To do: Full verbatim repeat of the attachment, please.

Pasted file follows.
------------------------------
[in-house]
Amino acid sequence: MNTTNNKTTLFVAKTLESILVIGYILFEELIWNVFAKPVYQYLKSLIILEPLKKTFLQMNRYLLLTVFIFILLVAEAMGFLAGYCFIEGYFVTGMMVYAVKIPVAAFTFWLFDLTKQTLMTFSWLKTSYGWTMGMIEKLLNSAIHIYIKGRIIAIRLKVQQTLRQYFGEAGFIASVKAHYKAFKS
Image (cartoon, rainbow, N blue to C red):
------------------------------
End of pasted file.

[in-house]
Amino acid sequence: MNTTNNKTTLFVAKTLESILVIGYILFEELIWNVFAKPVYQYLKSLIILEPLKKTFLQMNRYLLLTVFIFILLVAEAMGFLAGYCFIEGYFVTGMMVYAVKIPVAAFTFWLFDLTKQTLMTFSWLKTSYGWTMGMIEKLLNSAIHIYIKGRIIAIRLKVQQTLRQYFGEAGFIASVKAHYKAFKS
Image (cartoon, rainbow, N blue to C red):